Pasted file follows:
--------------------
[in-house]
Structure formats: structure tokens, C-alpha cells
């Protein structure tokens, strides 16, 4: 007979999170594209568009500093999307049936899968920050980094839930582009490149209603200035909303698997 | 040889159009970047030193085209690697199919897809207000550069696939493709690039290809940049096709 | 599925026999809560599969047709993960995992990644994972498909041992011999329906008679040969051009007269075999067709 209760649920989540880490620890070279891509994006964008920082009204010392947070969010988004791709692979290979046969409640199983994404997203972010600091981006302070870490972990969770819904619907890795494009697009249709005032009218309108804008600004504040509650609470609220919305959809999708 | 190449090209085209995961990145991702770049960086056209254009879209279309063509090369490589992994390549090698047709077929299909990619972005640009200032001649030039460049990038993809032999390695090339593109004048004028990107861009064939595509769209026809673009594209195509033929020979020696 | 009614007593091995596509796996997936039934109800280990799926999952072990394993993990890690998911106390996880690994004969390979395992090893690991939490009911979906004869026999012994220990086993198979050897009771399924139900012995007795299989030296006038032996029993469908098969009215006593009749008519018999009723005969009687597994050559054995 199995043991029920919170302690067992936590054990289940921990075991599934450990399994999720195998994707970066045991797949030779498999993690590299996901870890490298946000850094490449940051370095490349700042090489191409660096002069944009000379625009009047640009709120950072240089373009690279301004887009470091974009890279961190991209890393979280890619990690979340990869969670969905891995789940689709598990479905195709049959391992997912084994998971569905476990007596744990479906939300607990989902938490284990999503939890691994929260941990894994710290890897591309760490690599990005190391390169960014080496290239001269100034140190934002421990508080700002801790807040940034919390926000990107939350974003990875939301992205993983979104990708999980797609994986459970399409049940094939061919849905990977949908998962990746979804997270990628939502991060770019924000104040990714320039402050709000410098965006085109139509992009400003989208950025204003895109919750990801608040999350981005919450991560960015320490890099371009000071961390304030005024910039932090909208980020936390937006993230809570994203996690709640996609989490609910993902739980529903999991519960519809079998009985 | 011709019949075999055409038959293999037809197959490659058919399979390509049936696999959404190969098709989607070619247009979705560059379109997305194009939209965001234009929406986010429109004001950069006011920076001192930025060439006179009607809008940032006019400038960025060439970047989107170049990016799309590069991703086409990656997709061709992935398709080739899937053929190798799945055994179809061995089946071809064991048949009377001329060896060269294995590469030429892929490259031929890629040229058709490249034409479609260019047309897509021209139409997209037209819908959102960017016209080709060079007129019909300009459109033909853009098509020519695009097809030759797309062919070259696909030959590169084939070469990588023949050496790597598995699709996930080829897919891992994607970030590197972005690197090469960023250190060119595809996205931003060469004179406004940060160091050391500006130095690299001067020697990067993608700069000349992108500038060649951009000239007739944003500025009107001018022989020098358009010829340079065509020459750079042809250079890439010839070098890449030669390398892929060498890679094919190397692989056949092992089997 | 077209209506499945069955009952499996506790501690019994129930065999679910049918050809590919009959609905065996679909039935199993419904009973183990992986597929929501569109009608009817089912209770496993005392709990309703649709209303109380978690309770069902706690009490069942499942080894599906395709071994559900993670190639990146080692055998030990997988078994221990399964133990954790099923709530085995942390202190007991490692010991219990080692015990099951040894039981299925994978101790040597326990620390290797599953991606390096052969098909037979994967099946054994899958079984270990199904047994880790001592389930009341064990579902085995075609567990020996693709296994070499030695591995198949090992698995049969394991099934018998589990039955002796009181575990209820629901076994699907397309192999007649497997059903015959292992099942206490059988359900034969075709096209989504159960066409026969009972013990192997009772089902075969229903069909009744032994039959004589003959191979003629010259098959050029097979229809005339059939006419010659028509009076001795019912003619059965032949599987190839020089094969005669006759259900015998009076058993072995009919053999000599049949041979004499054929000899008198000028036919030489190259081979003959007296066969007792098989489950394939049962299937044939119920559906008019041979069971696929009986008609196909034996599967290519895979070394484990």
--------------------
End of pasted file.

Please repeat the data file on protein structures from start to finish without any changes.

[in-house]
Structure formats: structure tokens, C-alpha cells
């Protein structure tokens, strides 16, 4: 007979999170594209568009500093999307049936899968920050980094839930582009490149209603200035909303698997 | 040889159009970047030193085209690697199919897809207000550069696939493709690039290809940049096709 | 599925026999809560599969047709993960995992990644994972498909041992011999329906008679040969051009007269075999067709 209760649920989540880490620890070279891509994006964008920082009204010392947070969010988004791709692979290979046969409640199983994404997203972010600091981006302070870490972990969770819904619907890795494009697009249709005032009218309108804008600004504040509650609470609220919305959809999708 | 190449090209085209995961990145991702770049960086056209254009879209279309063509090369490589992994390549090698047709077929299909990619972005640009200032001649030039460049990038993809032999390695090339593109004048004028990107861009064939595509769209026809673009594209195509033929020979020696 | 009614007593091995596509796996997936039934109800280990799926999952072990394993993990890690998911106390996880690994004969390979395992090893690991939490009911979906004869026999012994220990086993198979050897009771399924139900012995007795299989030296006038032996029993469908098969009215006593009749008519018999009723005969009687597994050559054995 199995043991029920919170302690067992936590054990289940921990075991599934450990399994999720195998994707970066045991797949030779498999993690590299996901870890490298946000850094490449940051370095490349700042090489191409660096002069944009000379625009009047640009709120950072240089373009690279301004887009470091974009890279961190991209890393979280890619990690979340990869969670969905891995789940689709598990479905195709049959391992997912084994998971569905476990007596744990479906939300607990989902938490284990999503939890691994929260941990894994710290890897591309760490690599990005190391390169960014080496290239001269100034140190934002421990508080700002801790807040940034919390926000990107939350974003990875939301992205993983979104990708999980797609994986459970399409049940094939061919849905990977949908998962990746979804997270990628939502991060770019924000104040990714320039402050709000410098965006085109139509992009400003989208950025204003895109919750990801608040999350981005919450991560960015320490890099371009000071961390304030005024910039932090909208980020936390937006993230809570994203996690709640996609989490609910993902739980529903999991519960519809079998009985 | 011709019949075999055409038959293999037809197959490659058919399979390509049936696999959404190969098709989607070619247009979705560059379109997305194009939209965001234009929406986010429109004001950069006011920076001192930025060439006179009607809008940032006019400038960025060439970047989107170049990016799309590069991703086409990656997709061709992935398709080739899937053929190798799945055994179809061995089946071809064991048949009377001329060896060269294995590469030429892929490259031929890629040229058709490249034409479609260019047309897509021209139409997209037209819908959102960017016209080709060079007129019909300009459109033909853009098509020519695009097809030759797309062919070259696909030959590169084939070469990588023949050496790597598995699709996930080829897919891992994607970030590197972005690197090469960023250190060119595809996205931003060469004179406004940060160091050391500006130095690299001067020697990067993608700069000349992108500038060649951009000239007739944003500025009107001018022989020098358009010829340079065509020459750079042809250079890439010839070098890449030669390398892929060498890679094919190397692989056949092992089997 | 077209209506499945069955009952499996506790501690019994129930065999679910049918050809590919009959609905065996679909039935199993419904009973183990992986597929929501569109009608009817089912209770496993005392709990309703649709209303109380978690309770069902706690009490069942499942080894599906395709071994559900993670190639990146080692055998030990997988078994221990399964133990954790099923709530085995942390202190007991490692010991219990080692015990099951040894039981299925994978101790040597326990620390290797599953991606390096052969098909037979994967099946054994899958079984270990199904047994880790001592389930009341064990579902085995075609567990020996693709296994070499030695591995198949090992698995049969394991099934018998589990039955002796009181575990209820629901076994699907397309192999007649497997059903015959292992099942206490059988359900034969075709096209989504159960066409026969009972013990192997009772089902075969229903069909009744032994039959004589003959191979003629010259098959050029097979229809005339059939006419010659028509009076001795019912003619059965032949599987190839020089094969005669006759259900015998009076058993072995009919053999000599049949041979004499054929000899008198000028036919030489190259081979003959007296066969007792098989489950394939049962299937044939119920559906008019041979069971696929009986008609196909034996599967290519895979070394484990």